Atopica is associated with vomiting and diarrhea more often than Apoquel. In a review study compiling results of 672 dogs treated with Atopica, vomiting occurred in 25% and diarrhea or soft stools in 15% of dogs. Usually, veterinarians and pet owners can overcome this, with a slight modification of dosing. Apoquel is uncommonly associated with vomiting or soft stools (1-2% of dogs). In most studies, these occur with a similar frequency in placebo-treated dogs and those treated with Apoquel.


It was so funny! We took Casey to South Hill Veterinary Hospital in Puyallup, WA where his pal Max (my stepson’s Golden Retriever) goes to, and he just started talking away to the Vet. She was talking to him, too, and called him “Wild Man, which is his nickname from our OKC Vet. I walked in and asked her if she understood or needed me to translate.


She said it takes 1 year to get used to new pollens. Casey was put on antibiotics, short-term steroids, & ear drops for his first-time ear infection. They also found a flea when doing a skin scraping test. I was a week late putting his Frontline Plus on, but that wasn’t the only reason. The landscapers were overdue by a month, so the grass was higher than it should have been. After he takes his last antibiotic & steroid, we’re going to try Zyrtec and/or Tavist for 30 days.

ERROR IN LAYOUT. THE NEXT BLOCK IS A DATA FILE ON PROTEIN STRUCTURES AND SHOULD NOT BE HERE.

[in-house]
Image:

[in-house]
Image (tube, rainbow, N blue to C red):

Casey is now on Zyrtec twice a day and Nickers Bio-Coat + Vetoquinol AllerG-3 as supplements. His skin looked really good for about 2 weeks, but then he started licking his paws again. It seems to be mostly at nite or early morning while we’re sleeping. We switched to Tavist and even tried Tavist in combination with Zyrtec for a few days. Zyrtec definitely works better than Tavist; but the only thing is, it makes him drowsy. So, I have to knock him out to keep him from licking???

It’s been almost 30 days now. I’m wondering if Casey needs prescription allergy medicine in the springtime and then Zyrtec in the other seasons. It’s definitely time to call the Vet and ask!

Does Your Doggie Get Enough Exercise?


Outdoor Dog Adventures: 5 Fun Ideas!

(1) Take a Walk
(2) Backyard/Park Fetch
(3) Hiking Adventure
(4) Water Sports, Anyone?
(5) Dog Agility Parks/Trails


Or, how about some indoor exercise? Casey runs laps in our apartment. He runs around the living room, into the bedroom, and jumps on & off the bed. We sold all but 1 piece of our furniture to make moving across country less expensive; and since we haven’t replaced everything yet with new deals, there’s room for laps. I bet our downstairs neighbor loves that. Haha!

And, Casey & Tessie love playing tug-of-war and wrestling. If Casey gets too rough, Tessie lets him know by pulling at his chest hair (or fur) and growling.